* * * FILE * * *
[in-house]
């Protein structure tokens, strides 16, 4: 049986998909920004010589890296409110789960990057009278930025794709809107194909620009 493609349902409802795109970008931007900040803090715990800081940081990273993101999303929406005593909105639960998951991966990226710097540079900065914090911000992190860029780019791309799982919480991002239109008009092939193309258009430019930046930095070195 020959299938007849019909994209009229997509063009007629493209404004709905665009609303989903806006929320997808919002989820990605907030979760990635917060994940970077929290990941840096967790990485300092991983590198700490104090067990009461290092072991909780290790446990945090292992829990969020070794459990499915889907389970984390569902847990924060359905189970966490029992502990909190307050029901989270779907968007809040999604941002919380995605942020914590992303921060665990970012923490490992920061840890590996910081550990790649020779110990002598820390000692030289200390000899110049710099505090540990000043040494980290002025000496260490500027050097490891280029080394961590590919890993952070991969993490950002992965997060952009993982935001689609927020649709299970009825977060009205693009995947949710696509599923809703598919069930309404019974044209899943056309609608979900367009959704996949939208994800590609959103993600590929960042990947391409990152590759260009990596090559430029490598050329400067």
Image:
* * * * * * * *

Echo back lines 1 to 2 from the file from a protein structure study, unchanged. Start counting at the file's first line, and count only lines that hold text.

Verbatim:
[in-house]
């Protein structure tokens, strides 16, 4: 049986998909920004010589890296409110789960990057009278930025794709809107194909620009 493609349902409802795109970008931007900040803090715990800081940081990273993101999303929406005593909105639960998951991966990226710097540079900065914090911000992190860029780019791309799982919480991002239109008009092939193309258009430019930046930095070195 020959299938007849019909994209009229997509063009007629493209404004709905665009609303989903806006929320997808919002989820990605907030979760990635917060994940970077929290990941840096967790990485300092991983590198700490104090067990009461290092072991909780290790446990945090292992829990969020070794459990499915889907389970984390569902847990924060359905189970966490029992502990909190307050029901989270779907968007809040999604941002919380995605942020914590992303921060665990970012923490490992920061840890590996910081550990790649020779110990002598820390000692030289200390000899110049710099505090540990000043040494980290002025000496260490500027050097490891280029080394961590590919890993952070991969993490950002992965997060952009993982935001689609927020649709299970009825977060009205693009995947949710696509599923809703598919069930309404019974044209899943056309609608979900367009959704996949939208994800590609959103993600590929960042990947391409990152590759260009990596090559430029490598050329400067």